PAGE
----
Abstract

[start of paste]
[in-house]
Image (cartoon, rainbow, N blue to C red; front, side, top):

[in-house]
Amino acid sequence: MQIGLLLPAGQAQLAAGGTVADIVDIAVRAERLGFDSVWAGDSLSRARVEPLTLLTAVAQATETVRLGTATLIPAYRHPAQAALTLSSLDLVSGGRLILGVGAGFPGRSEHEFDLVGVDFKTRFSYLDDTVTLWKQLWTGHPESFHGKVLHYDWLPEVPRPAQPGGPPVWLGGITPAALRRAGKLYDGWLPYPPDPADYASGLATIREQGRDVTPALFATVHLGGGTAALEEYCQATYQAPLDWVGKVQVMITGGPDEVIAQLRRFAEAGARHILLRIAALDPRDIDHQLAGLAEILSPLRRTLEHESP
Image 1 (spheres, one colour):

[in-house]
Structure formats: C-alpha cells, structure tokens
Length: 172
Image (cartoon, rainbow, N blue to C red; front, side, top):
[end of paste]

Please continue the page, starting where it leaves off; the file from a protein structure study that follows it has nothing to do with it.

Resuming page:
It seems very important to us whether or not a generalization offers counterfactual support—but why? Surely what happens in other possible worlds can neither help nor hurt us? This paper explores the question whether counterfactual support does, nevertheless, have some practical value for us. (The question of theoretical value will be addressed but then put aside.) The following thesis is proposed: the counterfactual-supporting generalizations are those for which there exists a compact and under normal circumstances knowable basis determining the fine-grained pattern of actual variation between the properties associated by the generalization (e.g., for the generalization Fs tend to be G, the exact circumstances under which any particular F is G); further, the better we understand the basis and the scope of the support offered, the better we appreciate the fine-grained variation. We care about counterfactual support because we care about actual fine-grained variation.